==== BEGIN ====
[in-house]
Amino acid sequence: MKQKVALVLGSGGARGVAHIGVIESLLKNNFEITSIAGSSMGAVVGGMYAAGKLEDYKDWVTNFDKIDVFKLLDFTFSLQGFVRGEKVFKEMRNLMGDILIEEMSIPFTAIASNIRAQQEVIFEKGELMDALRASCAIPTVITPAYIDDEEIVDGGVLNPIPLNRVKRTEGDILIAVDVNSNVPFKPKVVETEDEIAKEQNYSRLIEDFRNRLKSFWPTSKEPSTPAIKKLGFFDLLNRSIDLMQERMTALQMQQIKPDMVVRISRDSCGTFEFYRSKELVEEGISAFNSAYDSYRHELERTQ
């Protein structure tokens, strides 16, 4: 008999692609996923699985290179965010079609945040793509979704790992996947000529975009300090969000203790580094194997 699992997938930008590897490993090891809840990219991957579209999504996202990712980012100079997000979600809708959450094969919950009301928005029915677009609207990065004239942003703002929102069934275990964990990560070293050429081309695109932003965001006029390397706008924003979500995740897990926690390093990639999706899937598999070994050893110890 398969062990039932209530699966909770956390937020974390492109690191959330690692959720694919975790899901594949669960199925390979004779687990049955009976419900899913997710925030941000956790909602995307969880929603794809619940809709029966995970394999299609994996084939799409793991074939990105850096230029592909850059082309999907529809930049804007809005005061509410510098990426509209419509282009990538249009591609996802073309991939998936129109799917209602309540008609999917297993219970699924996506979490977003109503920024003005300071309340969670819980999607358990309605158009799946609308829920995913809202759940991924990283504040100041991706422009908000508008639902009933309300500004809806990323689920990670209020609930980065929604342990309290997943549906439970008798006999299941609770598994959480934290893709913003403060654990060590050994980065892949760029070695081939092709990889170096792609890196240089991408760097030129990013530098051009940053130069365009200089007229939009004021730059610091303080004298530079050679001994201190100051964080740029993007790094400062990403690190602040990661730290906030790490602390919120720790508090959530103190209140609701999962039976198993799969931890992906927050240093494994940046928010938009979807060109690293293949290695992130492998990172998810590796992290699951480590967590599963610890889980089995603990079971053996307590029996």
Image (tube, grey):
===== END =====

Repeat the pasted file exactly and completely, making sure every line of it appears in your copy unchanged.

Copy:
[in-house]
Amino acid sequence: MKQKVALVLGSGGARGVAHIGVIESLLKNNFEITSIAGSSMGAVVGGMYAAGKLEDYKDWVTNFDKIDVFKLLDFTFSLQGFVRGEKVFKEMRNLMGDILIEEMSIPFTAIASNIRAQQEVIFEKGELMDALRASCAIPTVITPAYIDDEEIVDGGVLNPIPLNRVKRTEGDILIAVDVNSNVPFKPKVVETEDEIAKEQNYSRLIEDFRNRLKSFWPTSKEPSTPAIKKLGFFDLLNRSIDLMQERMTALQMQQIKPDMVVRISRDSCGTFEFYRSKELVEEGISAFNSAYDSYRHELERTQ
């Protein structure tokens, strides 16, 4: 008999692609996923699985290179965010079609945040793509979704790992996947000529975009300090969000203790580094194997 699992997938930008590897490993090891809840990219991957579209999504996202990712980012100079997000979600809708959450094969919950009301928005029915677009609207990065004239942003703002929102069934275990964990990560070293050429081309695109932003965001006029390397706008924003979500995740897990926690390093990639999706899937598999070994050893110890 398969062990039932209530699966909770956390937020974390492109690191959330690692959720694919975790899901594949669960199925390979004779687990049955009976419900899913997710925030941000956790909602995307969880929603794809619940809709029966995970394999299609994996084939799409793991074939990105850096230029592909850059082309999907529809930049804007809005005061509410510098990426509209419509282009990538249009591609996802073309991939998936129109799917209602309540008609999917297993219970699924996506979490977003109503920024003005300071309340969670819980999607358990309605158009799946609308829920995913809202759940991924990283504040100041991706422009908000508008639902009933309300500004809806990323689920990670209020609930980065929604342990309290997943549906439970008798006999299941609770598994959480934290893709913003403060654990060590050994980065892949760029070695081939092709990889170096792609890196240089991408760097030129990013530098051009940053130069365009200089007229939009004021730059610091303080004298530079050679001994201190100051964080740029993007790094400062990403690190602040990661730290906030790490602390919120720790508090959530103190209140609701999962039976198993799969931890992906927050240093494994940046928010938009979807060109690293293949290695992130492998990172998810590796992290699951480590967590599963610890889980089995603990079971053996307590029996």
Image (tube, grey):